Some gardeners prefer to use compost tea for fertilizing. Compost tea is a liquid produced by extracting beneficial microorganisms (microbes)—bacteria, fungi, protozoa, nematodes, and micro arthropods—from compost using a brewing process. A true compost tea contains all of the organisms that were present in the compost before brewing.
How to Make Compost Tea
Compost tea can be made with or without aeration, and with or without adding supplemental nutrient sources like molasses to feed microbes. For best results, aeration and supplements are recommended, and the right compost is critical. To learn how to make compost, visit
This sample recipe is good for vegetable crops:
- 5-gallon bucket, filled with water (let it sit for 24 hours to allow chlorine to evaporate)
- 1 fish tank aerator
- 1 compost tea brewing bag (either purchase one online or make one from a scrap of meshed material such as row covering, tied with twine—it should be large enough to hold 5 to 6 pounds of dry ingredients)
- 1 aquarium thermometer Ingredients
- 1 large handful of compost
- 1 handful of garden soil
- 2 handfuls of straw
- 1 cup fish hydrolysate (pulverized fish, available at most garden centers)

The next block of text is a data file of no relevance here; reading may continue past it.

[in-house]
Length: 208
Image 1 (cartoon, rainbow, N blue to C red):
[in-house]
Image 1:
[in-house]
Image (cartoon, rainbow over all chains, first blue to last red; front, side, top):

- 1 cup seaweed extract (available at most garden centers)
Put the first three ingredients ingredients into the tea bag, tie the bag tightly and submerge it in the bucket of water. Add the fish hydrolysate and seaweed extract liquids directly to the water. Place the aerator in the bucket and turn it on. Brew the tea for about 36 hours, monitoring temperature—the optimal temperature is between 68° and 72°F. Dilute it to a 3 parts tea to 1part water ratio before spraying. Fill a backpack sprayer. Spray early in the morning or late in the evening to avoid burning leaves in the midday sun.
Tip: If you do not have a backpack sprayer, apply tea to the soil using a gallon jug, and a spray bottle to mist the foliage.